Why is photocurrent independent of reverse biased? I was recently reading about photodiodes, and the text said that the current (reverse bias) is independent of the reverse bias First of all, I didn't much understand the presence of a reverse bias, since current flow is due to incident light. Secondly, what must be the reason for no dependence on the reverse bias?
closed as unclear what you're asking by Kyle Kanos, Jon Custer, heather, AccidentalFourierTransform, Bill N Feb 1 '17 at 14:39
Please clarify your specific problem or add additional details to highlight exactly what you need. As it's currently written, it’s hard to tell exactly what you're asking. See the How to Ask page for help clarifying this question. If this question can be reworded to fit the rules in the help center, please edit the question.
First of all, I didn't much understand the presence of a reverse bias, since current flow is due to incident light.
Reverse bias isn't required. A photodiode operated with reverse bias is said to be operated in photoconductive mode. A photodiode operated with 0 bias is said to be operated in photovoltaic mode. Photoconductive mode tends to produce the best responsivity and reduced junction capacitance. Photovoltaic mode tends to produce less dark current and thus less noise.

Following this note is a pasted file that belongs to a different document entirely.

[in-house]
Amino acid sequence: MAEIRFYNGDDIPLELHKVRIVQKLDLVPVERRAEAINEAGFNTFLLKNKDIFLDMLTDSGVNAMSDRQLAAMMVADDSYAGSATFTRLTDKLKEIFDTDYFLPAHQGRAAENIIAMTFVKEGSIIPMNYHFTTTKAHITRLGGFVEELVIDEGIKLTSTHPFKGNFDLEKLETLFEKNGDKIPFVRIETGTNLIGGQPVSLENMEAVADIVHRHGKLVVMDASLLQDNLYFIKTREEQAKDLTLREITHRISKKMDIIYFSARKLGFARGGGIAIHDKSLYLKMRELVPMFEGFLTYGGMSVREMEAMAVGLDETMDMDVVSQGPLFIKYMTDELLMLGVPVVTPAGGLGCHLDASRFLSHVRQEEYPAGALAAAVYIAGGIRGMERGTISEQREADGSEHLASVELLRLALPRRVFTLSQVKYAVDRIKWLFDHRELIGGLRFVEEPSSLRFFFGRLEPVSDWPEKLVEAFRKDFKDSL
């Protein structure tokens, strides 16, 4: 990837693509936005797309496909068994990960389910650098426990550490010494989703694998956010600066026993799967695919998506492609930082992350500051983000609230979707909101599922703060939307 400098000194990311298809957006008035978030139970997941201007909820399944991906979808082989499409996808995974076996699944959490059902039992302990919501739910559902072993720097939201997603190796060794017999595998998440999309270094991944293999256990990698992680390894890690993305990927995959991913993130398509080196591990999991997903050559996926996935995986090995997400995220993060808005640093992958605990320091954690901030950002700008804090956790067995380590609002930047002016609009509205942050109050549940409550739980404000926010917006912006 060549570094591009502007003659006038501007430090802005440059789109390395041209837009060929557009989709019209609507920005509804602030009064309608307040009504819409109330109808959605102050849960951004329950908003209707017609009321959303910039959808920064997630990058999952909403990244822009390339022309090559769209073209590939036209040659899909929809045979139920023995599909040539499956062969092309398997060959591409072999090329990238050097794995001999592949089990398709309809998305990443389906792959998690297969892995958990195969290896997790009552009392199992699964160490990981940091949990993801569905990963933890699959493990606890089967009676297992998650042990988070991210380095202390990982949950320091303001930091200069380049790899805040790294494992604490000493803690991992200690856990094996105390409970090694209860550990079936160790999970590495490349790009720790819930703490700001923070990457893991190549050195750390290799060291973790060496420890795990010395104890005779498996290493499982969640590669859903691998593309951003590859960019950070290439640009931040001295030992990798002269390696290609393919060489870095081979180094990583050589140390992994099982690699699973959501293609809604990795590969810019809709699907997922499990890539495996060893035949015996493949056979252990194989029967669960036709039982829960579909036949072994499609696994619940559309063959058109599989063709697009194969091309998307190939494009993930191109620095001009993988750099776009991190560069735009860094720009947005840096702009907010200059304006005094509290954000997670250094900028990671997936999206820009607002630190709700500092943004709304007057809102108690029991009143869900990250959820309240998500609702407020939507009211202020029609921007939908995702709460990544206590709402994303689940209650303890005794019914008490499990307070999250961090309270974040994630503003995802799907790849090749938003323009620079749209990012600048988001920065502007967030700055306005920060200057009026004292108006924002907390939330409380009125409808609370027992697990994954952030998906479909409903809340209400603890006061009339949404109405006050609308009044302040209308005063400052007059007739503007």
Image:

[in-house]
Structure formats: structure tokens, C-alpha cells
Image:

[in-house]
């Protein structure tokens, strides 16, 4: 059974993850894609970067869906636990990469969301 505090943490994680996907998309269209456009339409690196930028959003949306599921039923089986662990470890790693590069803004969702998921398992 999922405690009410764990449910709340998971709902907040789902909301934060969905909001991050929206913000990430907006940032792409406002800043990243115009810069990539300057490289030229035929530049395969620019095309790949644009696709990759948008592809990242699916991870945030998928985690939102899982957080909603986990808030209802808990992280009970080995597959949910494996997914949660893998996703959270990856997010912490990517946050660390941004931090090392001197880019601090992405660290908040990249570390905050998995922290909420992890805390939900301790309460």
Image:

Secondly, what must be the reason for no dependence on the reverse bias?
Generally each photon received promotes one electron from the valence band to the conduction band in the depletion region. Thus it produces one electron and one hole, a pair of charge carriers. The photocurrent is, of course, proportional to the number of carriers.
If the absorption is strong enough, so that all incident photons are absorbed (each producing one carrier pair), then the photocurrent depends only on the photon flux of the incident light.
However, if the absorption is weak, then a secondary effect can occur. As the bias on the diode is changed, the length of the depletion region changes. More photons are absorbed as the depletion region volume increases. And so the response does, in this case, depend at least slightly on the bias.